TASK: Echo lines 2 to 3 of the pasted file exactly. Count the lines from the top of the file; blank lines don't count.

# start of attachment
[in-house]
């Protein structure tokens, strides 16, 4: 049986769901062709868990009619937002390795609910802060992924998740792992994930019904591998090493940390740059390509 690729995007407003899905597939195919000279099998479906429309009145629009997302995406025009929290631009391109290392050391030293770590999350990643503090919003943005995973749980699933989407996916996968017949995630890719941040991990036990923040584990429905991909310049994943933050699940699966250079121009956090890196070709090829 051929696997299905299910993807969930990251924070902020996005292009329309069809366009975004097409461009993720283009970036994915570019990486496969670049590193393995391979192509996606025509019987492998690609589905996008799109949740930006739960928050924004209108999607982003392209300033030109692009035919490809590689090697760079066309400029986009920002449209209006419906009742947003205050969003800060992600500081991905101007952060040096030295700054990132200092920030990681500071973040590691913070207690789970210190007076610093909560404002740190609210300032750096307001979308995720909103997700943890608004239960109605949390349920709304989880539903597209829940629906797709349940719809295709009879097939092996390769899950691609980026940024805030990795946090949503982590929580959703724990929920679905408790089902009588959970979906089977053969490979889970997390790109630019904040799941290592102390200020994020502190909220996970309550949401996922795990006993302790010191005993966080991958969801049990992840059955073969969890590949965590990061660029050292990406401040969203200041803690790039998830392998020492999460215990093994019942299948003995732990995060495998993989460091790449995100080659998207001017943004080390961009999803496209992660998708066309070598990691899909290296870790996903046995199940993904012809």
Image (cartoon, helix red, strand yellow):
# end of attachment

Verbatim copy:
């Protein structure tokens, strides 16, 4: 049986769901062709868990009619937002390795609910802060992924998740792992994930019904591998090493940390740059390509 690729995007407003899905597939195919000279099998479906429309009145629009997302995406025009929290631009391109290392050391030293770590999350990643503090919003943005995973749980699933989407996916996968017949995630890719941040991990036990923040584990429905991909310049994943933050699940699966250079121009956090890196070709090829 051929696997299905299910993807969930990251924070902020996005292009329309069809366009975004097409461009993720283009970036994915570019990486496969670049590193393995391979192509996606025509019987492998690609589905996008799109949740930006739960928050924004209108999607982003392209300033030109692009035919490809590689090697760079066309400029986009920002449209209006419906009742947003205050969003800060992600500081991905101007952060040096030295700054990132200092920030990681500071973040590691913070207690789970210190007076610093909560404002740190609210300032750096307001979308995720909103997700943890608004239960109605949390349920709304989880539903597209829940629906797709349940719809295709009879097939092996390769899950691609980026940024805030990795946090949503982590929580959703724990929920679905408790089902009588959970979906089977053969490979889970997390790109630019904040799941290592102390200020994020502190909220996970309550949401996922795990006993302790010191005993966080991958969801049990992840059955073969969890590949965590990061660029050292990406401040969203200041803690790039998830392998020492999460215990093994019942299948003995732990995060495998993989460091790449995100080659998207001017943004080390961009999803496209992660998708066309070598990691899909290296870790996903046995199940993904012809």
Image (cartoon, helix red, strand yellow):